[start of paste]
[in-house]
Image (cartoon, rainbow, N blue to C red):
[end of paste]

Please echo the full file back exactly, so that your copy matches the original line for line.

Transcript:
[in-house]
Image (cartoon, rainbow, N blue to C red):